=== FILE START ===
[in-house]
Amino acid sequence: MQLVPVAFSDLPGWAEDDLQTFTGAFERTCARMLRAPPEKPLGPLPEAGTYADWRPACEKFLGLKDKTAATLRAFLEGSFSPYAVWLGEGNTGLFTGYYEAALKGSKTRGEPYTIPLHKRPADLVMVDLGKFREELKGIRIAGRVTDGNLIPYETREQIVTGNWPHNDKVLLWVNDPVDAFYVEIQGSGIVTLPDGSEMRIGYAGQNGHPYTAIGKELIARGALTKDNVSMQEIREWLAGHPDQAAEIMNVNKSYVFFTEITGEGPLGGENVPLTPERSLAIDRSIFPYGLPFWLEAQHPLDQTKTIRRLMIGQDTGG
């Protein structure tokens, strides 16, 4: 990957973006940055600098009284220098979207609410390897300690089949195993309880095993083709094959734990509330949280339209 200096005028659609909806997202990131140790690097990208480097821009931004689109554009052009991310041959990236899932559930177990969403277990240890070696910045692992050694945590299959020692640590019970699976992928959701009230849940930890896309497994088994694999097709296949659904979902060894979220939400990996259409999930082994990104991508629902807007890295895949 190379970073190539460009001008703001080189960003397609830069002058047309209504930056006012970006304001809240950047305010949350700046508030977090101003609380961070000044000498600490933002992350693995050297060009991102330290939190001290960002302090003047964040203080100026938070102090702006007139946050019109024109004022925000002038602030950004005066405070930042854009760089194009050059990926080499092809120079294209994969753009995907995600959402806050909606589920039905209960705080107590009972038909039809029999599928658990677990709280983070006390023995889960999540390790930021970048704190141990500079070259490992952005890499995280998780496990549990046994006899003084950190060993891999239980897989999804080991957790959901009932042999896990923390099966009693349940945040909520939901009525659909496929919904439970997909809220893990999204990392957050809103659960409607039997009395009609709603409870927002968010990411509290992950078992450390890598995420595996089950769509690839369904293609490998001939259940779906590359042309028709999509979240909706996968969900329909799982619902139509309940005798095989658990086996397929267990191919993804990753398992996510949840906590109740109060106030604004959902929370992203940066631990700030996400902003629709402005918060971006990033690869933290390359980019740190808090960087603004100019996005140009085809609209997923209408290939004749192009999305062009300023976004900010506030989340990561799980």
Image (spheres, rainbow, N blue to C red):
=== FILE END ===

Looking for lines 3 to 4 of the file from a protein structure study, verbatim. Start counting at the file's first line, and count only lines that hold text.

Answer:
């Protein structure tokens, strides 16, 4: 990957973006940055600098009284220098979207609410390897300690089949195993309880095993083709094959734990509330949280339209 200096005028659609909806997202990131140790690097990208480097821009931004689109554009052009991310041959990236899932559930177990969403277990240890070696910045692992050694945590299959020692640590019970699976992928959701009230849940930890896309497994088994694999097709296949659904979902060894979220939400990996259409999930082994990104991508629902807007890295895949 190379970073190539460009001008703001080189960003397609830069002058047309209504930056006012970006304001809240950047305010949350700046508030977090101003609380961070000044000498600490933002992350693995050297060009991102330290939190001290960002302090003047964040203080100026938070102090702006007139946050019109024109004022925000002038602030950004005066405070930042854009760089194009050059990926080499092809120079294209994969753009995907995600959402806050909606589920039905209960705080107590009972038909039809029999599928658990677990709280983070006390023995889960999540390790930021970048704190141990500079070259490992952005890499995280998780496990549990046994006899003084950190060993891999239980897989999804080991957790959901009932042999896990923390099966009693349940945040909520939901009525659909496929919904439970997909809220893990999204990392957050809103659960409607039997009395009609709603409870927002968010990411509290992950078992450390890598995420595996089950769509690839369904293609490998001939259940779906590359042309028709999509979240909706996968969900329909799982619902139509309940005798095989658990086996397929267990191919993804990753398992996510949840906590109740109060106030604004959902929370992203940066631990700030996400902003629709402005918060971006990033690869933290390359980019740190808090960087603004100019996005140009085809609209997923209408290939004749192009999305062009300023976004900010506030989340990561799980």
Image (spheres, rainbow, N blue to C red):